The naira, Nigeria’s national currency sunk to an unprecedented low this week crashing to N710 to the dollar in the most frightening expression of the country’s dire economic prospects under the present government.
The attendant difficulties were explained away by presidential aide, Lauretta Onochie who used an address by President Joe Biden of the United States to the American people to explain the rising cost of living, to underpin her claim that the economic crisis in Nigeria is a worldwide phenomenon.
For America, the rise in cost of living has been especially pushed by the rising cost of petrol and other global issues which President Biden traced to the war between Ukraine and Russia.
Indeed, the global economic malaise has seen Central Banks around the world raise interest rates, mainly to stem inflation.
In Nigeria, Governor Godwin Emefiele who many of us had gotten used to announcing the stability of rates at the end of Monetary Policy Committee, MPC meetings, has taken the unusual step of raising the benchmark Monetary Policy Rate in the last two meetings of the MPC.
Now, whereas in most of the world inflation is being fuelled by in-built factors and demand factors, in Nigeria, inflation is surging on the basis of rising costs, or what economists describe as cost-push factors.
It is easy to understand. Farmers at the onset of Ms Onochie’s government in 2015 were buying a bag of feed at about N2,000, now each bag sells for more than N6,000 and sometimes up to N9,000.
Easily, a litre of fuel was N85 and now it is more than N180 where available. Diesel was selling for about N180 and now sells more than N700 a litre.
Farmers and manufacturers unable to bear and transfer the cost to consumers have had to close shop.
Now, even if we were to excuse President Muhammadu Buhari for poor management of the economy, his derelict management of the war against corruption is perhaps inexcusable.
That incapacity to fight corruption is undoubtedly at the root of the crisis now bedevilling the nation’s economy and the unfolding war against insurgency.
This is the root.
When Senator Bukola Saraki first unveiled the scam in the oil-subsidy regime of the Jonathan administration, the fear was that Nigeria could be losing as much as N1.3 trillion per year on the scam. That was sometime in 2012.
Indeed, a horrified Major-General Buhari as a candidate just before the 2015 election, had even disclaimed the existence of subsidy in petrol.
Before then, Asiwaju Bola Tinubu and other leaders of the APC had converged with other activists at the beginning of the year, 2012 to protest the planned removal of the subsidy as planned by the Jonathan administration.
The bid for political capital at the expense of economic vitality by the APC leaders forced the Jonathan administration to abandon the planned removal.
Now, at that time and up to the beginning of the Buhari administration, the fuel consumption in the country ranged from 28 to about 35 million litres daily.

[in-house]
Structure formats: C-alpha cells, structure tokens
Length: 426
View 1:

It is now understood that government claims that the daily consumption is 100 million litres per day, despite decreasing economic productivity.
However, officials of the former the Department of Petroleum Resources, DPR explain that the daily utilisation in Nigeria fluctuate around 38 million litres per day. The rest of the fuel according to the officials is smuggled out of the country.
Now, because the government has in the last seven years been unable to fix the refineries all the petrol used in the country are imported. That means that 62 million litres are smuggled out daily.
If truly 62 million litres of petrol are smuggled out of Nigeria, it would require 1,878 tankers of 33,000 litres capacity or 1,377 tankers of 45,000 litres capacity to ferry across the country daily! Is that possible? Except the petrol is being smuggled out in underground pipes.
Your correspondent finds it unimaginable to that nearly 2,000 tankers would be leaving the country everyday without the customs and other security agencies seeing them!
So, you can see with the government now devoting about N500 billion monthly to pay subsidy for oil that is used and smuggled into pockets, you could well understand the pressure on the naira.
It is understood according to reports that money supply in Nigeria is currently at an unprecedented N48 trillion, a development that has been facilitated by the administration’s resort to ways and means (Printing money) to cover the government’s debt including the payment of the dubious subsidy claims.
That is another point of pressure, with easy money now being roundtripped to buy dollars and worsening the pressure on the naira.
The oil subsidy scheme is undoubtedly at the root of the pressure on the naira and at both ends, the bulk stops at Buhari’s desk. He is minister of petroleum resources and has failed to manage the building or rehabilitation of a refinery in his seven years holding that portfolio.
It is sad that petroleum, which ordinarily should be to the country’s economic competitive advantage, has now turned to a point of sorrow.
Just as Nigeria’s naira reached a record low, Russia’s currency this week attained a historic high with the Russian Rubble notching to 62 to the dollar, firming up from above 100 just few months ago.
That is despite the sanctions slapped on the country. Russia has been able to ride upon the global crisis to manage itself and indeed profit from the war with Ukraine to the disadvantage of the rest of the world.
Nigeria on the other hand with the same product to offer as Russia, has suffered mainly because of the failure of the government to put the refineries to use. The dependence on imported oil with the attendant inexplicable rise in subsidy payments is at the heart of the corruption that has fuelled the economic malaise.